A collection of Benjamin Franklin tidbits that relate Philadelphia's revolutionary prelate to his moving around the city, the colonies, and the world.
Quakers: The Society of Friends
According to an old Quaker joke, the Holy Trinity consists of the fatherhood of God, the brotherhood of man, and the neighborhood of Philadelphia.
Old Age, Re-designed
A grumpy analysis of future trends from a member of the Grumpy Generation.
George Washington in Philadelphia
Philadelphia remains slightly miffed that Washington was so enthusiastic about moving the nation's capital next to his home on the Potomac. The fact remains that the era of Washington's eminence was Philadelphia's era; for thirty years Washington and Philadelphia dominated affairs.
"I would have my body buried with as little expense or ceremony as may be. I revoke all former wills by me made, declaring this only to be my last.
I wish to be buried by the side of my wife, if it may be, and that a marble stone, to be made by Chambers, six feet long, four feet wide, plain, with only a small moulding round the upper edge, and this inscription:
Benjamin And Deborah Franklin 178-
to be placed over us both.
The king of France's picture, set with four hundred and eight diamonds, I give to my daughter, Sarah Bache, requesting , however, that she would not form any of those diamonds into ornaments either for herself or daughters, and thereby introduce or countenance the expensive, vain, and useless fashion of wearing jewels in this country; and those immediately connected with the picture may be preserved with the same.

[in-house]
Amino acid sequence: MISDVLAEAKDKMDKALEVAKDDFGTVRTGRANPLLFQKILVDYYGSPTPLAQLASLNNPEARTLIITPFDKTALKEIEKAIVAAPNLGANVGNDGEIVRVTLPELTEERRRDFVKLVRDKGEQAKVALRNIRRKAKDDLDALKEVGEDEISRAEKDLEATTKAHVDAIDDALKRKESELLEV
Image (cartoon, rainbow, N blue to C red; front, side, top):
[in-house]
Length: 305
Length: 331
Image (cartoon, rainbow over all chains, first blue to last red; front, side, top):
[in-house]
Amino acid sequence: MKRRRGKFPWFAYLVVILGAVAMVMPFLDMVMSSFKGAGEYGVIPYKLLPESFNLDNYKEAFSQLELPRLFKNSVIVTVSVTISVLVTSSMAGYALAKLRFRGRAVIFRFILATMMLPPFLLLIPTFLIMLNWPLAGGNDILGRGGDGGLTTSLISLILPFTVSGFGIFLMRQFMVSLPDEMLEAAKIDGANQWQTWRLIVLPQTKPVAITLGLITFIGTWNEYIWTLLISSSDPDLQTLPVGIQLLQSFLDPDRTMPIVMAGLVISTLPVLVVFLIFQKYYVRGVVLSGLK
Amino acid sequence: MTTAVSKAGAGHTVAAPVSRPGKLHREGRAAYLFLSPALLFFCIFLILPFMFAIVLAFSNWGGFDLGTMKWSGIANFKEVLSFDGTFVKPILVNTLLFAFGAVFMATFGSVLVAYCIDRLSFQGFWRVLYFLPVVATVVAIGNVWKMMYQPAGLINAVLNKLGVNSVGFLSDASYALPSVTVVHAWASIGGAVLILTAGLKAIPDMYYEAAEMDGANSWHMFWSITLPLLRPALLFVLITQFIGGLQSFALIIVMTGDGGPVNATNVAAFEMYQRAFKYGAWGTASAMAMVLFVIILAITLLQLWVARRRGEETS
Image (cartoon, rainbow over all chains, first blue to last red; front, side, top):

My fine crab-tree walking stick, with a gold head curiously wrought in the form of the cap of liberty, I give to my friend, and the friend of mankind, General Washington. If it were a Sceptre, he has merited it, and would become it. It was a present to me from that excellent woman, Madame de Forbach, the dowager Duchess of Deux-Ponts, connected with some verses which should go with it. I give my gold watch to my son-in-law Richard Bache, and also the gold watch chain of the Thirteen United States, which I have not yet worn. My timepiece, that stands in my library, I give to my grandson, William Temple Franklin. I give him also my Chinese gong.
To my dear old friend, Mrs. Mary Hewson, I give one of my silver tankards marked for her use during her life, and after her decease I give it to her daughter Eliza. I give to her son, William Hewson, who is my godson, my new quarto Bible, and also the botanic description of the plants in the Emperor's garden at Vienna, in folio, with coloured cuts.
My picture, drawn by Martin, in 1767, I give to the Supreme Executive Council of Pennsylvania, if they shall be pleased to do me the honour of accepting it and placing it in their chamber."